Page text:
A sports car, with nothing complicated, is enough for the huge majority of sports car drivers and owners – we want a car that is above all, enjoyable to drive. Enjoyable is not the same as “quick” or “faster” – enjoyment comes as much from balanced and responsive handling, good roadholding and enough power to enjoy it as from 0-60 and standing quarter times. And a folding hood of course!
As a basic concept, “nothing complicated” would sum up most popular sports cars of the last 70 years, from the MG TC through the MGB, TR7, Fiat Spider to the latest MX-5. If they did go complicated – examples such as the Lancia Beta Monte Carlo and MG F come to mind – record suggests it went wrong too, even if the going wrong part of the story was not directly attributable to the mid engined configurations. But it can come right.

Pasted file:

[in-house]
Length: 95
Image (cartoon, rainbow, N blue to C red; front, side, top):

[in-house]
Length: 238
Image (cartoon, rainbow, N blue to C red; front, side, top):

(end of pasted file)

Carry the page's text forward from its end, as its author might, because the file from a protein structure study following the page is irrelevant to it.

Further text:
The MG TC was certainly nothing complicated – the T series succeeded the Midget PB in 1936 and dropped an OHC engine for an OHV and the T series (culminating in the TF) used semi-elliptic springs, running boards and exposed headlamps until 1955. So, nothing complicated there. The TC is used a marker as this was the first version exported to North America, after the WWII, in right hand drive. The usual story is that the GIs stationed in Britain drove them; what is not recorded is how they got the petrol allowance to do so…